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Born between 1996–2015, Gen Z has been characterized according to their study and interaction patterns. As the earliest members of this cohort grow into adulthood, their consumption habits are becoming clearer too, prompting more in-depth analyses of what sets them apart, as well as recommendations for how marketers should address them.

Some key points are traits that span nearly everything that Gen Z consumers do. In particular, and as may come as no surprise, they embrace and require digital access. For most of them, being without some form of digital access for more than four hours would be extremely aversive and uncomfortable. In line with their extensive use patterns, they believe in the promise of technology, artificial intelligence, and the Internet, such that about two-thirds of them assert that using these tools can bring people closer together and exert other positive impacts. Such positive impacts include outcomes that other generational cohorts might regard with skepticism. For example, Gen Z predicts and expects websites to “interact,” such that their activities and behaviors on one site would be known to other sites they frequent, which in turn will enable the sites to know what they are seeking, as consumers, before they even type in a search term.

But such uses and embraces of technology do not imply that members of Gen Z are impersonal in their approaches. Rather, they seek authentic connections and relationships with counterparts online, whether those other parties are brands, firms, or other consumers. In turn, they express more trust in brands that include real people in their advertising, and they rely heavily on recommendations and product reviews provided by those others.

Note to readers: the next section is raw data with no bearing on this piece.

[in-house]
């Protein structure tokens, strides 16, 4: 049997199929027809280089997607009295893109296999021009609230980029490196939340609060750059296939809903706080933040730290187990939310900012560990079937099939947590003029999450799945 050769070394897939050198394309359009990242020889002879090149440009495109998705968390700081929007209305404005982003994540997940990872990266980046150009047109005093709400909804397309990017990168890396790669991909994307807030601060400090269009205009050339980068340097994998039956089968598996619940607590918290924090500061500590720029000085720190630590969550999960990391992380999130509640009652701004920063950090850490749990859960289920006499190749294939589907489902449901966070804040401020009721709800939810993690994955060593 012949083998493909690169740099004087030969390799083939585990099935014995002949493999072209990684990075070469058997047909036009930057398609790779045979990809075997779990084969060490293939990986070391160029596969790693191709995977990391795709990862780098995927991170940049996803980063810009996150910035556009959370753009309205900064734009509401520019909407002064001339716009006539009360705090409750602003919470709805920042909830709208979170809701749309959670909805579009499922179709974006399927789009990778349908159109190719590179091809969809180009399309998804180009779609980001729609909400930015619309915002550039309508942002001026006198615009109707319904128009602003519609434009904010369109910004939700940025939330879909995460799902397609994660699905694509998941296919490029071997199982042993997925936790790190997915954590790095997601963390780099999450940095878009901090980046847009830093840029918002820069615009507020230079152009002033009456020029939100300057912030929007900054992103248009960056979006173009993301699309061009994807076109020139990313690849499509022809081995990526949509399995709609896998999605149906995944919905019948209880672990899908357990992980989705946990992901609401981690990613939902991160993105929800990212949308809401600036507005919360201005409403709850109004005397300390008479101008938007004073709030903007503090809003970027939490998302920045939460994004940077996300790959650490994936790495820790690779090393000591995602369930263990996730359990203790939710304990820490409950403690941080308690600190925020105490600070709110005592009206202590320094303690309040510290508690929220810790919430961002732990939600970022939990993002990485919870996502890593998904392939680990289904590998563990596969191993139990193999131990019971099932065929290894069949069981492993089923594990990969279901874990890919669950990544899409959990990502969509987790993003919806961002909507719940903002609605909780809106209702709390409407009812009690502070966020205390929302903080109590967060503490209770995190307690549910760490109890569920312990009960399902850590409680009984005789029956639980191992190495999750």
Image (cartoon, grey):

Beyond personal connections, Gen Z uses digital technology for nearly all its entertainment needs. Moreover, this entrepreneurial, ambitious generation recognizes the business opportunities available online, such that more than 60 percent of them plan to start their own companies someday, and they assume they will do so online.

In some sense, their reliance on digital channels parallels their lack of use of more conventional, in-person modes of interaction. For example, relatively few members of Gen Z belong to a specific religious organization, which historically offered people a central form of community. Faced with the simultaneous sense of isolation and connection offered by digital channels and social media, Gen Z consumers actively demand that brands and companies evoke a sense of community. They want to be inspired and excited by the brands they buy, whether because those brands allow customers to personalize and build their own versions of the product offerings, as Glossier does, or actively caters to their shifting preferences and silly whims, like Taco Bell aims do to.

Another option for creating connection occurs through firms’ sincere commitment to social justice and responsibility causes; Gen Z consumers want a brand that stands for something meaningful. Accordingly, nearly three-quarters of them indicated they would be more likely to buy from a firm that commits or contributes to social causes.

Discussion Questions:

  1. How can brands and firms connect with Gen Z consumers?
  2. What risks do brands and firms need to consider when devising marketing plans to connect with Gen Z consumers?

Source: Robert Williams, “Gen Z Wants Brands to be ‘Fun,’ ‘Authentic’ and ‘Good,’ Study Says,” Marketing Dive, July 8, 2020; “Generation Influence: Gen Z Study Reveals a New Digital Paradigm,” BusinessWire, July 8, 2020; Mary Noel, “Your Brand’s Real Offering to Gen Z Is Community,” Marketing Dive, March 18, 2020